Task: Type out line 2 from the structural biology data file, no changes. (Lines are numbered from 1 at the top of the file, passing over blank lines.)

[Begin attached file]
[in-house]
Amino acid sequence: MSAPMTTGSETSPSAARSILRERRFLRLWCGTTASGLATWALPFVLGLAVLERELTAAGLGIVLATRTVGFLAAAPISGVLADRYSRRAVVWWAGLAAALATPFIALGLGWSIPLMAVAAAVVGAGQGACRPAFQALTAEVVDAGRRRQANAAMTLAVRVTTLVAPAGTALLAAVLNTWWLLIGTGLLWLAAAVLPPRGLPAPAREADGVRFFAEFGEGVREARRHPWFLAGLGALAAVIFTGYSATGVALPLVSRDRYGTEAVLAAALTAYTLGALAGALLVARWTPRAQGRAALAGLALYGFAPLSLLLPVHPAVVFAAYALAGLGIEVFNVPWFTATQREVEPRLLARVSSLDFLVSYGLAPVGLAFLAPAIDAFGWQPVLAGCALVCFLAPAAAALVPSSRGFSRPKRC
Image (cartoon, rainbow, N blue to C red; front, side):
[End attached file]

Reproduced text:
Amino acid sequence: MSAPMTTGSETSPSAARSILRERRFLRLWCGTTASGLATWALPFVLGLAVLERELTAAGLGIVLATRTVGFLAAAPISGVLADRYSRRAVVWWAGLAAALATPFIALGLGWSIPLMAVAAAVVGAGQGACRPAFQALTAEVVDAGRRRQANAAMTLAVRVTTLVAPAGTALLAAVLNTWWLLIGTGLLWLAAAVLPPRGLPAPAREADGVRFFAEFGEGVREARRHPWFLAGLGALAAVIFTGYSATGVALPLVSRDRYGTEAVLAAALTAYTLGALAGALLVARWTPRAQGRAALAGLALYGFAPLSLLLPVHPAVVFAAYALAGLGIEVFNVPWFTATQREVEPRLLARVSSLDFLVSYGLAPVGLAFLAPAIDAFGWQPVLAGCALVCFLAPAAAALVPSSRGFSRPKRC